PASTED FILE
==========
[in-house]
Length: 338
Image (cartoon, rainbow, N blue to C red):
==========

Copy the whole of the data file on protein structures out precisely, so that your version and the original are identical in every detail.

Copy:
[in-house]
Length: 338
Image (cartoon, rainbow, N blue to C red):